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Civil War Militia

Discussion in 'Civil War History - General Discussion' started by Union_Buff, Nov 13, 2013.

  1. Union_Buff

    Union_Buff Captain Forum Host

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    A few of my novels have main characters who are a part of the state militia during the conflict; I am just curious about the militia uniforms during the Civil War. Did the militia members wear the standard uniforms of the Union and Confederate forces or did they wear more conspicuous uniforms during the war?

    Cheers,

    James.

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  3. frontrank2

    frontrank2 First Sergeant Forum Host

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  4. Chattahooch33

    Chattahooch33 Sergeant Forum Host

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    I know precious little about militias in other states, but Georgia's militia was very ragtag. I don't think the actual militia that was called into service in Georgia had uniforms. I know they carried everything from fowling pieces, to double barreled shotguns, to Creek War rifles. They were hounded continuously by the regulars and dubbed, "Joe Brown's Pets". They saw some action at Resaca, then again at Mt. Harmony where they delayed a whole Federal divsion from approaching the Chattahoochee River Line. They then took a spot within the Atlanta inner defenses in the north west sector around Fort Hood.
    I believe once Atlanta fell they were released for the harvest. They were reassembled when the March to the Sea started and fought the only full scale engagement of the march at Griswoldville where they lined up and advanced across an open field right into canister and infantry with repeaters. It didn't go well. The federals after the battle were distraught after seeing the men they mowed down were 15-16 year old and old men.
    They withdrew to Savannah and took up position on the defensive line there. Some later fought at the Battle of Honey Hill in South Carolina where they repulsed handily a Federal expedition to cut the Savannah & Charleston RR which included the 54th Massachusettes.


    If I may suggest: [​IMG]
  5. Union_Buff

    Union_Buff Captain Forum Host

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    Thanks for the link FrontRank - I will definitely take a look at it :smile:

    Thank you for the suggestion of the book Chattahooch - I will see if I can find an online copy to browse.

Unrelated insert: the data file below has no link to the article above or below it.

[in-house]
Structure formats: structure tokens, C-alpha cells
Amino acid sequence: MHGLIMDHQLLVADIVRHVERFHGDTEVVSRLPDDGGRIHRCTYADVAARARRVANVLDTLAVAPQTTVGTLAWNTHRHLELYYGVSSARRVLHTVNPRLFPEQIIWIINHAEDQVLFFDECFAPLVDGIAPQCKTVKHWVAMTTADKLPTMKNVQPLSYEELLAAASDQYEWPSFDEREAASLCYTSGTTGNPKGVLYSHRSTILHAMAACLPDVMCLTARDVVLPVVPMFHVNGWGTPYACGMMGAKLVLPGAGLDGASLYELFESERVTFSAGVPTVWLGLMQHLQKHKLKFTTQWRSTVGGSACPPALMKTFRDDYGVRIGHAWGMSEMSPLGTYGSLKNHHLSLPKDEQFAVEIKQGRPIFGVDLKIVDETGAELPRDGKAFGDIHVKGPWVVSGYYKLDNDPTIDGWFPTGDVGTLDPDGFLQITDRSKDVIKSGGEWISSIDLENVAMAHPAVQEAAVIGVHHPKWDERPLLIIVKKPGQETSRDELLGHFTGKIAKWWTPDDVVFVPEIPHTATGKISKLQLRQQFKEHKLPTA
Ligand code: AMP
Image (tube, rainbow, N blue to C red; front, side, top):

6. major bill

    major bill First Sergeant

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    James this question is difficult to answer. Are you asking about militia units called up for active federal service or militia units that stayed in the states? Most units called up either wore the comply fatigue uniforms or we issued new uniforms. There was a wide variation in the various States. Most, but not all States had some type of militia uniform regulations, however militia companies did not always follow the regulations. Many States formed Home Guard companies at the start of the war and they were usually not obligated to follow any Militia uniform regulation. In the North cloth was plentiful but the South had difficulties uniforming their army and this left little material to use by the militia companies.

    I can cover my home State of Michigan. Here in Michigan most militia companies went to war early in the war. Michiagn issued all militia companies going to war either blue or gray uniforms of a couple of styles. Some militia companies reformed as a reserve company when the original company left for war. In general the new reserve militia companies adopted the pre war militia uniforms worn by the company before the company went to war. The reserve militia companies had a tendency to wear their pre war fatigue uniforms and less often their dress uniforms. In general the State Active Guard wore uniforms based on Michigan pre War militia uniform regulations, there were independent companies that had no obligation to follow the regulations and there were Home Guard companies who wore colorful locally made uniforms while other Home Guard Companies wore civilian clothing with a red scarf

    James I have a reasonable amount of Civil War era uniform reference books. If you could tell me the State you are interested in I would see what information I have on that State's militia companies during the war.
    leftyhunter and theoldman like this.
  7. Union_Buff

    Union_Buff Captain Forum Host